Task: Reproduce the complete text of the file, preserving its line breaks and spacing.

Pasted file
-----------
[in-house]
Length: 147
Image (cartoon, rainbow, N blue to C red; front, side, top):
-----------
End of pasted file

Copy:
[in-house]
Length: 147
Image (cartoon, rainbow, N blue to C red; front, side, top):